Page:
It all started in the classroom of one of our Age of Montessori teachers, Helene, who wrote last month’s article about observation. She has diligently prepared the children with our Royal Road to Reading materials, which include materials for phonemic awareness and letter mastery.
Once the children have the idea that letters represent sounds, they love to work with the sandpaper letters. As they learn to trace the letters, their muscular as well as visual and auditory memories are all in sync with one another. Simultaneously, the children are also learning to hold a pencil and trace geometric shapes with the metal insets.
Things in the classroom changed and became a “Flash Mob” when two of the children read aloud to their classmates. This was the moment when the genuine excitement began. You can imagine what was going on in the minds of those children who started flocking to the letters. “If they can read, then maybe I can, too!”
Inspiration is the name of the game
Every child wants to be able to do what the others can do, and inspiration is the name of the game. So, here in 2020, it is very much the same as it was back when Maria Montessori first saw the excitement in writing and reading flourish among her class of three-, four- and five-year-old children in 1907. She wrote that the excitement spread among the children who all wanted to write once they saw one child do it. She had her class on a patio on the roof of her building when one of the children understood that to write, all you had to do was take the sounds of a word and write those letters in chalk on the floor. Once one child wrote the first word, the others flocked around and tried to write, too—and amazingly enough, they could! They had been prepared. She wrote that they were cackling like chickens in their excitement. A mother told Dr. Montessori that her child was trying to write in the crusts of their freshly baked bread. The children simply could not get enough.
They could write in those early days, but could not read yet and perhaps, didn’t quite know what it meant to read. One day Montessori wrote a note on the chalkboard: “If you love me, come and give me a kiss.” She commented that most of the children thought she was writing for her own enjoyment as they were doing until one day a little girl came up and kissed her cheek. The secret was out! You can share your thoughts in writing, and someone else can read them and understand.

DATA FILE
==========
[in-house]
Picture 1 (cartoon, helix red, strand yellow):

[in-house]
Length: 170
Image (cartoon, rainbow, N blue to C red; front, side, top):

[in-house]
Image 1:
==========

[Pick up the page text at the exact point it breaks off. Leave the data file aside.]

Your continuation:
When you really stop to think about it, the importance of the written word becomes evident. I well recall in the year 2000, Time magazine did a spread on the 100 most important people of the millennium. Guess who was number one? It was Johannes Gutenberg and his printing press. In our digital era it is easy forget that before the computer, oral teaching and books were the only ways humanity had access to information. For hundreds of years, books, libraries and newspapers were the go-to methods for learning something new. (Maria Montessori was one of the top 100 most significant people of the last millennium, too!)
Literacy continues to be a great challenge in American education, but not to Montessori schools. Instead of directly trying to teach a child to read or write, both of which are made up of multiple tasks, we use the idea called “isolation of difficulty.” We look at the task and focus on the component parts. We present activities for the child to explore and learn each component part, and then the psychological impulse toward putting the elements together brings the fabulous day when a child reads or writes. We provide these experiences when the child is ready and interested. We might ask the child, “Who taught you?” The answer is likely to be, “No one taught me; I did it all by myself!”
I invite you to investigate Age of Montessori’s Early Reading—the Gateway to Learning, our six-week online course. We have a whole array of webinars and short courses as well as our MACTE-accredited certification courses available to anyone who wants to learn more about how we can help our children’s development.
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